Talk to bankers about the financial reform bills -- the House's Wall Street Reform and Consumer Protection Act of 2009 and the Senate's Restoring American Financial Stability Act of 2010 -- being reconciled in Congress (with a possible vote before July 4), and three phrases come up a lot: "Unintended consequences," "The devil is in the details" and, "It scares me."
No one is arguing that some type of post-crisis reform is inappropriate. In fact, Bank of America CEO Brian Moynihan told CNBC's Maria Bartiromo in April, "We think a lot of the reform package is very good. We support a lot of it. And we think it will help move the country, the world and our industry forward."
Specifically, Moynihan expressed support for the provisions around consumer protection, derivatives clearing, risk reporting, and even higher capital and liquidity requirements. "As an industry we're going to have less leverage and more transparent risk," he said. "All those are good things."
Arthur Johnson, CEO of Grand Rapids-based United Bank of Michigan ($437 million in assets), acknowledges that "There's an awful lot of good intention [in the reform bills]. There's stuff about 'too big to fail,' which is very important. The creation of a regulatory systemic risk council is necessary. In my bank, we absolutely have the right to fail; that's a right I'd like to share with the entire industry."
But much of the impact of the final bill is unknown, because not only do the House and Senate members have to agree on the final language of the consolidated law, it will be up to bank regulators to interpret its requirements and draft the specific regulations that banks will have to follow. "Part of the problem of this bill is that the devil will be in the details of the regulations, which will take years to complete," says Lawrence Kaplan, a bank regulatory attorney in the corporate department of law firm Paul Hastings' Washington, D.C., office.
According to Kaplan, many financial technology deals are being put on hold because of the still-pending law. "There's a lot of uncertainty, and right now it's stifling innovation because we're all waiting to see what happens," he contends.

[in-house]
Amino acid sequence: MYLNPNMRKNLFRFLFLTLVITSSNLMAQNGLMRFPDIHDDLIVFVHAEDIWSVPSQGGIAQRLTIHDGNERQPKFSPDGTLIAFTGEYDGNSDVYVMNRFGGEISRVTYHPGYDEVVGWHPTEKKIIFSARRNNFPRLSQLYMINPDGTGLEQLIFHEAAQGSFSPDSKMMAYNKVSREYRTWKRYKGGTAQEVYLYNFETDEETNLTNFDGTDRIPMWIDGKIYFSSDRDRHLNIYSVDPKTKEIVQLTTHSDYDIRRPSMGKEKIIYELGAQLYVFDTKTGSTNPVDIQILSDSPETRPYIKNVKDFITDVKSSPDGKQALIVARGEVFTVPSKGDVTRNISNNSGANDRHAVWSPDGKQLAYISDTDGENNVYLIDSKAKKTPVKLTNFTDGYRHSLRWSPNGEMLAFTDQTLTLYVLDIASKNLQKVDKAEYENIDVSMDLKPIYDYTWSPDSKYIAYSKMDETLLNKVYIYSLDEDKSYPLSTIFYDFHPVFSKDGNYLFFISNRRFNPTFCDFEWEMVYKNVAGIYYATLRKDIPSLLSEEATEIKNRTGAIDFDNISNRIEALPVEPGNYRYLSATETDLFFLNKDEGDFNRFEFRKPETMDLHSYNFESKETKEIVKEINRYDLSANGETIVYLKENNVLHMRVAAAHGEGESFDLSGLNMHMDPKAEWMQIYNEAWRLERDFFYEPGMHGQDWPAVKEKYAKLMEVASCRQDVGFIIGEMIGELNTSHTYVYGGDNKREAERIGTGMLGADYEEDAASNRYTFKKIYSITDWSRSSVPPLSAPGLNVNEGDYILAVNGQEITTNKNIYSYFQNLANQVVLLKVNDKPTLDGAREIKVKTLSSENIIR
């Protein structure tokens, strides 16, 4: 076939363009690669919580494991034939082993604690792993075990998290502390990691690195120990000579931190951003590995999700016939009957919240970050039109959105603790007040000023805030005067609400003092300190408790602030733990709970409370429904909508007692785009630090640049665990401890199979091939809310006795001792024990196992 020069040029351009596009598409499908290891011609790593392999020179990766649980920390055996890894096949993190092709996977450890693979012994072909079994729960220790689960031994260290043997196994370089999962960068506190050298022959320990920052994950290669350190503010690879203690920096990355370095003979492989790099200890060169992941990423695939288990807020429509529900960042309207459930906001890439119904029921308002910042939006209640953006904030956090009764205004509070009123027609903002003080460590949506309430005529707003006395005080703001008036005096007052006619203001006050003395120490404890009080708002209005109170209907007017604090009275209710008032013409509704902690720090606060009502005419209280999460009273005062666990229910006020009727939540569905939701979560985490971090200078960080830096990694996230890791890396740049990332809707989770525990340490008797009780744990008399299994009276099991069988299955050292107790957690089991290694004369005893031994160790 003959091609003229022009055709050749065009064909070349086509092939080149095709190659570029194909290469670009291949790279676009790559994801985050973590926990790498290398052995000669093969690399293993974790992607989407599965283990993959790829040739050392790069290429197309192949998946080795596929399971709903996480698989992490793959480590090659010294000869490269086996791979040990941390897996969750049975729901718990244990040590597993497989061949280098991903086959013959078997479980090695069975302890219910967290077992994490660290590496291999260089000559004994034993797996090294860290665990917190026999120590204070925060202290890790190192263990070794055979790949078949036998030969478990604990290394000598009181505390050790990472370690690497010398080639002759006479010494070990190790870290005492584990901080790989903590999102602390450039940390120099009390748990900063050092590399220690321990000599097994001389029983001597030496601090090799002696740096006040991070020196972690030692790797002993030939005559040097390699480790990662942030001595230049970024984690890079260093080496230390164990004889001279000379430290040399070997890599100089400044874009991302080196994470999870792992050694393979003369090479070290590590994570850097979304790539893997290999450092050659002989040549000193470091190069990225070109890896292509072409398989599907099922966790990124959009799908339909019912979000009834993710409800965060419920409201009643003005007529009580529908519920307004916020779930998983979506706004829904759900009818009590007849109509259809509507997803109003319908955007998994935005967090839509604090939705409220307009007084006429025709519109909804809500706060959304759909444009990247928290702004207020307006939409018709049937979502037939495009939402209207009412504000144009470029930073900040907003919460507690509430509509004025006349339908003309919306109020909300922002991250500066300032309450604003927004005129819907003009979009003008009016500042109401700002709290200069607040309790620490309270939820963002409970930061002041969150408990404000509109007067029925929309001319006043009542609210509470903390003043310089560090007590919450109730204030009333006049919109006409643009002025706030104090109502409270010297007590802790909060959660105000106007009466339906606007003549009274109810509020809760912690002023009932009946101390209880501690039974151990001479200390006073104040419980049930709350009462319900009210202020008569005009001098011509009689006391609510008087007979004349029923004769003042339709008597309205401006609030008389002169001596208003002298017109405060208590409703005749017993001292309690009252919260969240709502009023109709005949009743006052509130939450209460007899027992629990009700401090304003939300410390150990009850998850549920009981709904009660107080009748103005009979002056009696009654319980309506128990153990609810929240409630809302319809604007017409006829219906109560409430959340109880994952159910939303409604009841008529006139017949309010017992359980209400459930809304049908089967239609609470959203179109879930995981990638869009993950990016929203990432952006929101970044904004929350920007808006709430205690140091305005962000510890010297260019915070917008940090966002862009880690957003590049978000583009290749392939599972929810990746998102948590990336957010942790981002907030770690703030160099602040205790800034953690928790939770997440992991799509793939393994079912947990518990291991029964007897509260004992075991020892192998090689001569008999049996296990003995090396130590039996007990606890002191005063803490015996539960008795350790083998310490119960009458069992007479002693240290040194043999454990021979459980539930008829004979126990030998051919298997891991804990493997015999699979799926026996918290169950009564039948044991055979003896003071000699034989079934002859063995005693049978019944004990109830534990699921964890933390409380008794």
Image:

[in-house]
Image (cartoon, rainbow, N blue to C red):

Bankers and observers agree that the wide-ranging scope of the final financial reform bill could lead to many unintended consequences, especially for smaller institutions. "Some of the reform act addresses the crisis we went through, but there are lots of changes that have nothing to do with the crisis," asserts Paul Schaus, president of consultancy CCG Catalyst. "This is where the uproar is coming from the banks."
Of course, whatever the final rules turn out to be, they will dramatically impact bank IT departments. "IT is going to be very important -- the systems and procedures will be key" for compliance, Paul Hastings' Kaplan says. "And there's an incredible market here for developers who can come up with state-of-the-art compliance solutions and keep up with the changes."
But preoccupation with compliance could prove to be costly for banks. When all is said and done, they may have to change their business models, suggests Srini Giridhar, banking lead with the IBM Institute for Business Value. "Banks do need to innovate -- they exist for the shareholder," he points out. "It's just that they also have a special public responsibility, and the risk therein calls for balance."
ALREADY TREADING WATER
John Buhrmaster, president of 1st National Bank of Scotia ($321 million in assets) in Scotia, N.Y., says his bank's IT staff already is burdened with making systems enhancements as a result of recent regulatory changes, including revisions to Regulation DD (Truth in Savings Act), Regulation E (for electronic funds transfers) and Regulation GG (regarding unlawful Internet gambling). According to Buhrmaster, changes to Reg DD, in particular, have held up the bank's efforts to introduce mobile banking.
"When that rule changed, the product was almost ready," he explains. "Then the vendor had to go back in and make fixes to deal with Reg DD."